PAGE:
THE lawyer representing former Zesa chief executive officer Joshua Chifamba last week cornered the investigation officer Energy Mundandishe into making concessions which are likely to affect the State case against his client and his two co-accused.
Chifamba, who is facing criminal abuse of office charges, is jointly being charged with former Minister of Energy and Power Development Elton Mangoma and Zesa Enterprises managing director Tererai Mutasa.
The trio allegedly entered into a technology transfer partnership with a South Korean company, Techpro Company Limited, for the manufacturing of switchgears without due process.
During cross-examination by Mr Admire Rubaya, Mundandishe from CID Commercial Crimes Division agreed that Zesa Enterprises (Pvt) Ltd was not a procuring entity listed in the procurement regulations as of the year 2011 when the technology transfer agreement between Zesa and Techpro South Korea was signed.
Mundandishe told the court that he had no evidence from the State Procurement Board (SPB) that a letter purportedly signed by former acting principal officer in the SPB Mr Cledywin Nyanhete contained directives from the real State Procurement Board led by the late Charles Kuwaza as envisaged by the provisions of Section 42 of the Procurement Act.
He was further squeezed into agreeing that Chifamba had actually complied with the provisions of the said PFMA because he had notified and sought approval of the deal from the Minister of Finance and Minister of Energy and Power Development Mangoma
Mr Rubaya went on to produce a newspaper cutting from a 2011 edition of the Chronicle in which the then Minister of State Enterprises and Parastatals Mr Gorden Moyo was quoted as saying the technology transfer agreement with TechPro had actually been approved by the Inter-Ministerial Committee on Commercialisation and Privatisation of Parastatals (IMCCPP).
Mundandishe admitted that the pages in the document he produced in court through State prosecutor Mr Zivanai Macharaga did not tally after it was put to him that he had produced a memorandum to the IMCCPP instead of the business proposal which had been recommended for approval by Chifamba and subsequently approved by Mangoma.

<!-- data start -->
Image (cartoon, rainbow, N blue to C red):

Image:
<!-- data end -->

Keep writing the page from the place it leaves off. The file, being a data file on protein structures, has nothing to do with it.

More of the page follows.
Mundandishe also admitted that he had not interviewed critical people from the Ministry of Energy and Power Development and the Ministry of State Enterprises and Parastatals who were involved in the negotiations of the terms of agreement.
Harare magistrate Mr Francis Mapfumo postponed the matter to June 27 for re-examination of Mundandishe by the State.
It is alleged that the trio entered into a technology transfer partnership with a South Korean company Techpro Company Limited for the manufacture of switch gears without due process.
The State is alleging that in 2010 Choi Young Jin of Techpro Company and Mangoma signed a technology transfer partnership for the manufacture of switchgears.
Mangoma allegedly instructed Mutasa to liaise with Techpro with a view of establishing the partnership.
The court heard that Mutasa wrote to the SPB seeking advice on the procedures to be followed in such partnerships.
He was advised to proceed with Section 49 of the repealed Procurement Regulations Act (Chapter 22:14).
Mutasa was further advised to seek assistance from State Enterprises Restructuring Agency (SERA) on how to proceed.
SERA advised Mutasa to prepare a memorandum for Mangoma to submit to the IMCCPP recommending the identification of a technical partner for the technological transfer through a competitive bidding process.
On receiving the proposal and bid documents for tender, Chifamba and Mangoma allegedly connived to bypass the IMCCP and the competitive bidding process in favour of Techpro Company.
Five years down the line, Techpro Company failed to execute the project despite receiving an initial payment of $850 000.